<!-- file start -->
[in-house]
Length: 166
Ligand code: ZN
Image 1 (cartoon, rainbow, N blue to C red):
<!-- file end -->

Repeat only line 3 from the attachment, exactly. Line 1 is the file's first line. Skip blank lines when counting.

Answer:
Ligand code: ZN